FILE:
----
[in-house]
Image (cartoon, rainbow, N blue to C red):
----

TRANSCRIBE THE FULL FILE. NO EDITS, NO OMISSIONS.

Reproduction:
[in-house]
Image (cartoon, rainbow, N blue to C red):